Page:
DUBAI: Last week it was announced by Saudi Arabia’s Ministry of Culture that Burak Cakmak had been appointed to lead the Kingdom’s Fashion Commission, one of the 11 bodies under the Kingdom’s Ministry of Culture, to help develop the country’s burgeoning fashion industry.

“I was honored to have a chance to join the team at the Fashion Commission to lead the implementation of an ambitious strategy to build a robust fashion industry in Saudi Arabia,” said Cakmak, a former Dean of Fashion at the Parsons School of Design in New York, to Arab News. 

“Saudi Arabia has all the key elements for building a successful fashion industry today. With traditions and heritage to inspire, its creative community keen to build new businesses and a fashion conscious young population engaged in retail and social media with fashion. Saudi (Arabia) is in a great place to become a key influencer in the region and globally,” he added.

In his new role as the CEO of the Fashion Commission, Cakmak will be responsible for a string of tasks, including supporting and empowering talent, professionals and entrepreneurs in the local fashion industry, developing and regulating the fashion sector as well as encouraging finance and investment.

“One of my main focus areas is to identify opportunities for Saudi to create fashion solutions that are innovative, technology driven, sustainable and aligned with the expectations of the 21st century global consumer,” said Cakmak of some of the changes he would like to implement in his new role.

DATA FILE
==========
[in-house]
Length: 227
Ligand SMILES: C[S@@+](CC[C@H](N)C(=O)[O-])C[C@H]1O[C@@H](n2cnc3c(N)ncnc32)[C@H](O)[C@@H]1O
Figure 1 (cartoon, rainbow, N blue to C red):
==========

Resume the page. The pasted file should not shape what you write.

“As we are building and growing a relatively new industry in the country, we need to ensure we don’t repeat the mistakes of the West from the past century.  This means that we need to focus on building new business models that are able to manage social and environmental impacts, (and that are) transparent and innovative in the way they engage the consumer.”

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In addition to managing and developing the fashion sector in Saudi Arabia, Cakmak also hopes to shine a positive spotlight on the Kingdom’s burgeoning fashion scene. 

 “At the moment there is not enough information available about the creativity coming out of the Kingdom to the rest of the world,” he noted. “The richness of the country’s heritage and crafts, as well as its designers, with both traditional and modern takes on Saudi fashion, is a great starting point for us to start shaping perceptions around the Saudi creative industry.”

In the past two years alone, Saudi Arabia has rolled out a series of changes that can be attributed to Vision 2030, a plan that focuses on modernizing Saudi culture, diversifying its economy away from oil, attracting new global investments, and supporting small local businesses. One of the areas that is showing real potential is the country’s fashion sector.

“Recent initiatives around tourism and a deeper focus on diversifying local economic sectors have been a great catalyst in stimulating the fashion industry,” Cakmak said.  


Models backstage ahead of the Arwa al Banawi show at Fashion Forward October 2017. Getty Images

Indeed, the country’s fashion sector is rapidly on the ascent. In the last couple of years, the country hosted its first-ever Fashion Week in Riyadh in 2018, the Dubai-based Arab Fashion Council opened up an office in Riyadh and Saudi fashion designers are getting more recognition than ever as they lay the groundwork for a real, thriving fashion industry.